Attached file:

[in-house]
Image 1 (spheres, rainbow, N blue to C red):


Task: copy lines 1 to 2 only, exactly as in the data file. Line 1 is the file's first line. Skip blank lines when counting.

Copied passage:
[in-house]
Image 1 (spheres, rainbow, N blue to C red):